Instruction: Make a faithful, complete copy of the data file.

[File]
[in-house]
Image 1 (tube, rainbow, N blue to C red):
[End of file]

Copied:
[in-house]
Image 1 (tube, rainbow, N blue to C red):